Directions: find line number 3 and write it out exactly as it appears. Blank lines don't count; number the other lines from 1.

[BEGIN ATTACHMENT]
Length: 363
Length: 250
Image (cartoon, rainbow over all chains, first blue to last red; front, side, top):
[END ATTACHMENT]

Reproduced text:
Image (cartoon, rainbow over all chains, first blue to last red; front, side, top):